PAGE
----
Savannah Morning News
September 11, 2016
It’s one thing to read the words and stories and meditations of James Alan McPherson. And then, after a while, to pull down the books from the shelves and re-read them because the narrative is not always clear (which is a good thing), the meanings (and timeline) are multiple, the characters (and the narrator) complex.
It’s quite another thing altogether to speak with his sister, Mary McPherson. She lives outside Charleston. Mary is one of many relatives and friends who planned yesterday’s memorial service at their childhood church, St. Phillip Monumental AME on Jefferson Street. McPherson died July 27 in Iowa City. He was 73.
McPherson, a graduate of Beach High School, may well go down as one of Savannah’s finest writers. He is a Pulitzer Prize-winner in fiction (the first black person to do so), an early recipient of the MacArthur Prize Fellows Award and a beloved professor at the respected Iowa Writers’ Workshop in Iowa City.
Saturday’s service was not the only celebration for McPherson’s life. After his death the University of Iowa rented the local theater, the Englert Theater in Iowa City. Two hundred colleagues, students and friends crowded together to remember someone they called the moral center and backbone of the Writers’ Workshop. That same day there was a memorial service at the nearby Trinity Episcopal Church.
According to Mary, one year older than McPherson, she and her siblings left Savannah as soon as they could. “in the early 1960’s, opportunities for African-Americans were very, very limited,” she said. “Sometimes I look at the raw talent that got away and think what a shame.”
Her brother Richard joined the military. When he finished his term he worked as an aircraft mechanic with Delta in Atlanta. Mary became a corporate librarian and worked in the northeast for 40 years.
Before McPherson left Savannah he found a home at the Carnegie Library on Henry Street, a branch of Savannah’s Live Oak Public Libraries that has deep roots in the African-American community.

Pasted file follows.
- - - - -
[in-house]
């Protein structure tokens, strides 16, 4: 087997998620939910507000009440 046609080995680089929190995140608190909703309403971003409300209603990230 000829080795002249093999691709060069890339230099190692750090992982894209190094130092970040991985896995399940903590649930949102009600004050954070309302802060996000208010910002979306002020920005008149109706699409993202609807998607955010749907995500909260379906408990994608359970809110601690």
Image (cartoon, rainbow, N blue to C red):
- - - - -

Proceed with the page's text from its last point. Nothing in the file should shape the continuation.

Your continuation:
“At first the words without pictures were a mystery,” he said in an earlier interview. “But then suddenly they all began to march across the page. They gave up their secret meanings, spoke of other worlds, made me know that pain was a part of other people’s lives. After a while I could read faster and faster and faster. After a while I no longer believed in the world in which I lived. I love the colored branch of the Carnegie Public Library.”
McPherson’s daughter, Rachel, wanted the Savannah memorial to be at the Carnegie library. But when she found it only seated 75 they moved it to the church.
After high school McPherson left for Morris Brown College. Then he graduated from Harvard Law School and followed that up with a Masters of Fine Arts from the Iowa Writers Workshop.
“I remember he always read a lot,” said Mary. “He would write poems, too. He was like a god in Iowa. People were always coming around making special noises. When I visited I would have to say, ‘Back off. I’m here to see Junior.’”
In between degrees, McPherson worked as a waiter on the Great Northern Railroad and he was a lecturer in Japan. He spent years in Baltimore, where, as the owner of a house with deep connections to the people he rented to, he based many of his short stories and much of his ruminations in, “Crabcakes, a Memoir.”
McPherson kept in close touch with his family. In the last five years Mary would visit every three months or so. The siblings spoke on the phone two or three times a week. But he had put down deep roots in Iowa.
“One Thanksgiving I decided to go visit,” Mary said. “I was all set to cook. Then I noticed a sign he had put up: ‘Any student who can’t go home please come to my house.’ He cooked everything.”
At the Iowa City memorial writer ZZ Packer recalled how McPherson would invite students to his house and lend them books, maybe give them some crab cakes, sometimes, “If you’re real good friends some bourbon.”
During one particular visit to Iowa Mary suggested the two of them visit Savannah.
“Believe it or not he really wanted to visit. There were people who wanted to bring him there. But by then he had fallen a few times. His mobility was not good. Then he was afraid people might have expected more from him than he could deliver. It just wasn’t meant to be.
“While we were considering it Jim turned to me and said, ‘How should I go back? Dead?’ I said, ‘What? We’re not talking about death.’ That’s when he said, ‘I’m just kidding, Mary.”
When Mary decided to move back South she considered Savannah. But everything was too expensive.
“I came and drove around the old neighborhoods,” she said. “Every place I used to live they had torn down our home. My father’s house on Florance Street between 39th and 40th street was a vacant lot. It was the only house that was missing. It was like they just didn’t want us here.
Her brother, she was, “would be appalled at all the fuss we are making. He was so gentle and humble. After he got the Pulitzer he wanted to run into the woods and hide. He’s a very low key, thoughtful person. Everything he did was from the heart.”